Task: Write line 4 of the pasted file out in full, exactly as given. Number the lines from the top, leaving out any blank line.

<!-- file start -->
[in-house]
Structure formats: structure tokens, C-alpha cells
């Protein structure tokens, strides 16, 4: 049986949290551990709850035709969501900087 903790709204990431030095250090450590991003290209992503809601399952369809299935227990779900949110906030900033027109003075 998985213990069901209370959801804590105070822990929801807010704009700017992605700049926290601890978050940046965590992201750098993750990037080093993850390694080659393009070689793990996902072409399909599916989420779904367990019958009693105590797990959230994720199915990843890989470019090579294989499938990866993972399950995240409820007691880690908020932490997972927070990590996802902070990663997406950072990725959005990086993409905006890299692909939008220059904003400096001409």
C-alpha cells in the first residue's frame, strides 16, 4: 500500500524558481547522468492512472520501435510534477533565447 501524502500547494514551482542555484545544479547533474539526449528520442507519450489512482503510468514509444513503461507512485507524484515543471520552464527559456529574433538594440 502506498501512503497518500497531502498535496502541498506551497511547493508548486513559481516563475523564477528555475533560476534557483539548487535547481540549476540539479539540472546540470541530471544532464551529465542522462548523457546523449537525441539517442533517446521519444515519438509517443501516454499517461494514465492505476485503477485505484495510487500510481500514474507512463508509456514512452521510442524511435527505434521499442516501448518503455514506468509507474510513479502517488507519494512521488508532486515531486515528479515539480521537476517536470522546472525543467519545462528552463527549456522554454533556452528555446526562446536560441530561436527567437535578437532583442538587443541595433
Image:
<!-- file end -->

C-alpha cells in the first residue's frame, strides 16, 4: 500500500524558481547522468492512472520501435510534477533565447 501524502500547494514551482542555484545544479547533474539526449528520442507519450489512482503510468514509444513503461507512485507524484515543471520552464527559456529574433538594440 502506498501512503497518500497531502498535496502541498506551497511547493508548486513559481516563475523564477528555475533560476534557483539548487535547481540549476540539479539540472546540470541530471544532464551529465542522462548523457546523449537525441539517442533517446521519444515519438509517443501516454499517461494514465492505476485503477485505484495510487500510481500514474507512463508509456514512452521510442524511435527505434521499442516501448518503455514506468509507474510513479502517488507519494512521488508532486515531486515528479515539480521537476517536470522546472525543467519545462528552463527549456522554454533556452528555446526562446536560441530561436527567437535578437532583442538587443541595433